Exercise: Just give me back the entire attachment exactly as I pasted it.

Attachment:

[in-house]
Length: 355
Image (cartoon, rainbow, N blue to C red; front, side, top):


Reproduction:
[in-house]
Length: 355
Image (cartoon, rainbow, N blue to C red; front, side, top):